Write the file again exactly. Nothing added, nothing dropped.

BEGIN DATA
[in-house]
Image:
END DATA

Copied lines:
[in-house]
Image: